Tuesday, February 5, 2013

Plants With Winter Interest-Part 11 - Corkscrew Willow

Corkscrew Willow in Eckhart Blue Ridge Summit Landscape

Inspired by Jerry's Coral Embers Willow, and Carol's Contorted Hazel posts, here's another plant with Winter Interest that has connections to both - Corkscrew Willow, or Salix matsudana.

Corkscrew Willow is a small to medium-sized, upright spreading tree of about 30 feet in height with a 15-foot-spread, the main ornamental feature of this plant is the contorted and twisted branches and twigs. Branches arise from the trunk at an acute angle and grow up almost parallel to the trunk before they curve back to the horizontal. The winter branch pattern is most interesting and probably accounts for the popularity of the tree.

Corkscrew Willow in Eckhart Blue Ridge Summit Landscape

It is native to China and hardy to zone 5, and the warmer parts of zone 4.

The cultivar
'Tortuosa' was introduced into North America in 1923 when Arnold Arboretum received a cutting from China, it was named the next year and entered commerce during the 1930s.

Corkscrew willow grows best in full or partial sun, and tolerates multiple soil conditions including clay, sand, loam, acidic and alkaline.  And, like all willows is more tolerant than most plants to "wet feet" conditions.  More information here.

Corkscrew Willow in Eckhart Blue Ridge Summit Landscape

Pollarding is a method of pruning that keeps trees and shrubs smaller than they would naturally grow (a practice generally not recommended for most trees), but in this case, it can enhance the contorted effect in winter landscapes.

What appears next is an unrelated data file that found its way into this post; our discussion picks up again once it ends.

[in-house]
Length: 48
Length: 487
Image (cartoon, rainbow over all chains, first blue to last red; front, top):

The best time to prune, or pollard, is late winter.

Corkscrew Willow Branch used as Decoration
The added bonus is that the trimmings can be used in dried arrangements, or as support structures for climbing vines in container gardening.

This one, decorating the entranceway to my home, became available after male deer (bucks) used it to rub off the velvet from their antlers, and to mark their territory, girding the whole branch.

Like all willows, corkscrew willow is very easy to propagate.  Take your cuttings, or prunings, and place in water, and they'll root easily. The reason is that willow cuttings secrete a hormone called auxin, that stimulates growth and encourages roots to form. Auxin is also water soluble, so it will dissove in the water and create a solution that can be used to help root other plants and shrubs.  You can even make your own "Willow Water" by cutting up twigs of willow and letting them steep in water.  The resultant "tea" can then be used to root other plants.

Here's a Fine Gardening article describing the process.

Learn more about Plants with Winter Interest:

Winter Interest in MG Iris Master's Landscape and Other Penn National Gardens
Nandina - Heavenly Bamboo
Landscaping for Four Seasons of Interest
Plants With Winter Interest - Part 1 - Partridge Berry
Plants With Winter Interest - Part 2 - Snowdrops
Plants With Winter Interest - Part 3 - Stinking Hellebore
Plants With Winter Interest - Part 4 - Native Jewel Orchid
Plants With Winter Interest - Part 5 - Lavender
Plants With Winter Interest - Part 6 - Witchhazel
Plants With Winter Interest - Part 7 - Paperbark Maple
Plants With Winter Interest - Part 8 - Eastern Teaberry or Wintergreen
Plants With Winter Interest - Part 9 - Harry Lauder Walking Stick
Plants With Winter Interest - Part 10 - Coral Embers Willow
Ascot Rainbow Spurge - a Year Round Delight

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